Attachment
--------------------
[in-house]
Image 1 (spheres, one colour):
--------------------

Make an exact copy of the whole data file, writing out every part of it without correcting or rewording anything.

[in-house]
Image 1 (spheres, one colour):